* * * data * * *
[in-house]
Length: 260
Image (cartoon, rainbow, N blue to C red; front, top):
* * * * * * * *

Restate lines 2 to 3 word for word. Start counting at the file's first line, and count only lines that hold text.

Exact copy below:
Length: 260
Image (cartoon, rainbow, N blue to C red; front, top):